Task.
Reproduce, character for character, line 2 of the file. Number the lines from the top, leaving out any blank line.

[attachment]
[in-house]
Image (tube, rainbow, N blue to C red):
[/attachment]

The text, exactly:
Image (tube, rainbow, N blue to C red):